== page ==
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6 great deep tech fiction novels

Reading deep tech fiction novels can be a great way of thinking about possible futures.

What’s the difference between “deep tech fiction” and “science fiction”?

Of course, given the topic and the timing of this article (today is December 21, 2022), I asked ChatGPT this (I wrote the rest of the article myself). Here is part of the response I got:

“One key difference between deep tech fiction and science fiction is that deep tech fiction tends to focus more on the realistic portrayal of scientific and technological developments, while science fiction can include a wider range of speculative and imaginative elements.”

A part of ChatGPT’s response to the question, ‘What’s the difference between deep tech fiction and science fiction?’

There you have it, this pretty much explains why I personally have a preference for deep tech fiction. Below are some of my favorite examples.

The Mysterious Island

By Jules Verne

“The Mysterious Island”, first published in 1874, is about five American prisoners of war who escape confinement during the American Civil War by hijacking a hot air balloon. They end up stranded on a deserted island in the Pacific Ocean, where they have to innovate themselves out of a very deep hole. Starting from almost nothing, they eventually make their own clothes, cooking utensils, glass, a boat, and even a telegraph connection. Jules Verne describes all of this in a quite hands-on way. In addition to all this, it’s fascinating to read how Cyrus Smith, the group’s engineer, envisions the future of technology.

The Martian

By Andy Weir

“The Martian” is almost like a modern-day version of The Mysterious Island. Except that here, astronaut Mark Watney gets stranded not “just” on an island but on Mars. And there, he has to find a way to establish communication with Earth, and, probably most importantly, solve his food, water, and energy supply challenges. Even though not everything in the story is scientifically accurate (the effects of Martian sandstorms, for example), the story has many technology elements that seem quite plausible, and they are described in great detail.

The Quantum Spy

By David Ignatius

This is about the technology race, in this case between the US and China, to build the first quantum computer. Special emphasis here is on the purported capability of quantum computers to break all known encryption methods. The story features spies, suspected spies, government officials, and science entrepreneurs who face tough choices about the future direction and purpose of their work. “The Quantum Spy” is part of a series of spy novels written by David Ignatius (I recommend them all).

Termination Shock

By Neal Stephenson

Earth, sometime in the near future. The effects of global warming have had substantial effects on human civilizations. For example, those who can afford them wear “earthsuits”. These are suits that help you cope with — or even just withstand — extreme heat. Against this backdrop, and in order to curtail at least even more global warming, Texan (well, of course) oil billionaire T.R. Schmidt has decided to build a solar geoengineering technology. Specifically, he builds launchers that fire sulfur particles into the Earth’s atmosphere to reduce the amount of heat reaching the surface. At least, that’s the plan.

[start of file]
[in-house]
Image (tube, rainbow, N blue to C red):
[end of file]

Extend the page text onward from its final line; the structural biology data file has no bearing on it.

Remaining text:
By Marc Elsberg

Have you ever really thought through what a complete electrical power outage might mean for an entire continent? Even if the outage “only” lasts a few days? In his novel “Blackout”, Marc Elsberg has done this for you. And the result is, well, let’s just say it should be on the reading list of every politician.

The Fear Index

By Robert Harris

Former CERN physicist Alex Hoffmann has developed an AI algorithm that can predict financial markets, based on signals of fear that it detects in the contents of worldwide news and other sources. This algorithm is what drives Hoffmann’s hedge fund, elevating it to levels of performance previously unseen. And the algorithm keeps learning — perhaps too much for its own good, and particularly for that of its creators. One of my favorite passages from the book is when Robert Harris describes Alex Hoffmann’s office setup.

This article was written by:

Florian Wolf

Florian Wolf

Florian is founder and CEO at Mergeflow, where he is responsible for company strategy and analytics development at Mergeflow. Previously, Florian developed analytics software for risk management at institutional investors. He also worked as a Research Associate in Computer Science and Genetics at the University of Cambridge. Florian has a PhD in Cognitive Sciences from MIT.

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